With the election only nine weeks away, the polls indicate a close race for president, with Barack Obama holding a slight edge over Mitt Romney … and not many saying they are still undecided.
We also hear a lot about the likable factor. It appears that many voters don’t know enough about Mr. Romney to say they like him as a person. That’s not a big factor in my personal voting decision. But I do share many voters’ concerns that Mr. Romney’s policies will lean more toward the wealthy than middle- or lower-income Americans. He’s led a life that is simply outside America’s mainstream.
My concerns about Obama include his grasp of the economic situation, clumsiness in promoting health care reforms, and an inability to convince Americans that he is a dynamic, take-charge leader. The struggling recovery from a murderous recession is taking its toll.
Whether they like Romney or not, will independents decide the economy … and the nation … need the kind of boost a change might bring?
Our thought for today is from Nancy Astor:
“The main dangers in this life are the people who want to change everything … or nothing.”
I’ll bet most people don’t even know what NetApp does. The company has 170 offices worldwide and they are “a leading provider of innovative storage and data management solutions”. Obviously, it’s high-tech computer stuff and they help businesses with their high-tech computer stuff.
NetApp’s announcement that it will double its Wichita workforce is great news. Over the next five years NetApp plans to create more than 400 jobs in Wichita … at an average wage of $73,000. The economic impact of that many well-paid jobs on a community should be significant. The company also plans to spend $85 million on new machinery, equipment, and renovations.
Wichita needed a boost like that. The aircraft industry has been struggling to regain its footing after the recession. There are signs of life, as local aircraft companies restructure and try to innovate with new products … to get folks to buy those airplanes around the world.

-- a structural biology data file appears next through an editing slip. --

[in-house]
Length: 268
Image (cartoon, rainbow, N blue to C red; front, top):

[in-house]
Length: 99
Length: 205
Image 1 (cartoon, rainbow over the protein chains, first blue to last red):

At the same time, well-paying non-aircraft jobs like those at NetApp are precious to the local economy.
Our thought for today is from Calvin Coolidge:
“More people out of work leads to higher unemployment.”
Is it a question of the separation of church and state? Or is it just “patently political”, as Wichita City Council member and Republican Kansas Senate candidate Michael O’Donnell claims?
The Freedom From Religion Foundation … a Wisconsin-based group that promotes the separation of church and state … wants Sedgwick County to investigate the tax-exempt status of the house where O’Donnell lives. O’Donnell says he rents the house, which is a former parsonage for Grace Baptist Church, where his father is pastor.
Like any good father, I’m sure the minister wants to help his son. The question is, should the church be paying taxes on property that is not used as a parsonage? The Wichita Eagle reports the group claims the house has been tax-exempt since 1996.
Property taxes are always an important issue in local government, and I expect they will become even more important in state government in the near future.
It’s always nice if those making decisions for the rest of us know something about what it means to pay such taxes.
Our thought for today is from Bernard Berenson:
“Governments last as long as the under-taxed can defend themselves against the over-taxed.”
Not that most people care about such things, but Governor Brownback’s dinner meetings at the governor’s mansion earlier this year skirted the Kansas Open Meetings Act. At the governor’s get-togethers the majorities of legislative committees discussed specific legislation.
Somehow, the Democrat Shawnee County District Attorney ruled the dinners did not strictly violate the law that says it is “the policy of this state that meetings for the conduct of governmental affairs and the transaction of governmental business be open to the public”. The D-A said our state lawmakers were probably ignorant of the law and should educate themselves.
So, I think it’s fair to say the D-A’s conclusion is that the governor and the lawmakers didn’t actually violate the law … but they came pretty doggone close.
Sedgwick County does a good job of informing the media whenever two or more county commissioners gather anywhere. But truth is, many people in government don’t put a premium on so-called “transparency”, unless it serves their purposes.
I base this conclusion on more than 40 years of professional observation.
Our thought for today is from Daniel C. Gelman:
“Where secrecy reigns, carelessness and ignorance delight to hide – skill loves the light.”
People in other cities that buy water from Wichita have asked for fluoride in the water they’re buying. Wichita is one of just a few large American cities without fluoridated water. That could change in November. The City Council has decided to let the voters decide the issue … which has been considered twice before since the 1960s.